Employers offering securities lending investments as options in 401(k) plans should provide participants with information about the relationship between their investments and securities lending arrangements and alert them to the risks of those investments, according to two reports issued Wednesday.
Also, one of the reports — from the Senate Special Committee on Aging — recommends that participants be warned of potential withdrawal restrictions associated with securities lending arrangements.
The second report, from the Government Accountability Office, recommends that the Department of Labor “provide guidance to plan sponsors as to what would be reasonable levels of fees and reasonable distributions of returns when 401(k) plan assets are utilized” in securities lending.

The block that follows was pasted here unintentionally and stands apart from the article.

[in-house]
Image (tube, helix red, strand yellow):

Some participants in 401(k) plans invested in securities lending cash collateral pools suffered losses to their investments during the 2008-2009 financial crisis, and the investments have come under the scrutiny of policymakers in recent years.
The Aging Committee report notes that many employers with 401(k) plans do not know whether their plans engage in securities lending.
“For those that did, they understand the benefits of these transactions, but many were not aware of the risks involved with securities lending and, in particular, the risks associated with the cash collateral reinvested portion of their service providers’ securities lending programs,” the Aging Committee report states.
The Aging Committee report also recommends requiring companies in the business of securities lending to submit financial reports on their activities to the Securities and Exchange Commission and bank regulators.